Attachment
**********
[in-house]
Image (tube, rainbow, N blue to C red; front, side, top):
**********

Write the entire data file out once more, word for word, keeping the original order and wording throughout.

[in-house]
Image (tube, rainbow, N blue to C red; front, side, top):